Foster father of Jesus and husband of Our Lady. Patron saint of families, homes, hospices, manual workers, especially carpenters, and those who desire a happy death.
All that is known of St Joseph for certain is in the Gospels of Matthew and Luke. He came from the house of David but his trade as a carpenter shows that he was not rich. He was betrothed to Mary and worried when he learnt that she was pregnant, until an angel came to him in a dream.
After the birth of Jesus, Joseph was warned in other dreams firstly to flee with his family to Egypt and then when Herod died, to return to Israel. But he feared Herod's successor and went on to Galilee, where the Holy Family set up home in Nazareth.
The episode of the 12 year-old Jesus being lost on the way back from the Passover at Jerusalem, again shows Joseph as a faithful father and husband.
While traditionally St Joseph is depicted as an old man, historians think he was probably younger. It is not know when he died, but it was before the crucifixion. The few biblical details give an impression of a just, compassionate, dignified and brave man, prompt in action but self-effacing.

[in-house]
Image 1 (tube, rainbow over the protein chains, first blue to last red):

A Greek document called the History of Joseph the Carpenter helped to create the cult to him from the fifth century onwards.
Early Irish writers had a great devotion to St Joseph.
Across mediaeval Europe he became immensely popular. St Theresa of Avila dedicated the mother house of her reformed Carmelite convents to the saint and frequently recommended devotion to him in her writings. St Ignatius Loyola also promoted his cult.
Pope Pius XII encouraged the second celebration of St Joseph, as St Joseph the Worker on 1 May. Pope John XXIII added his name to the Canon of the Mass in 1962.
The symbol of St Joseph is a white lily, signifying purity.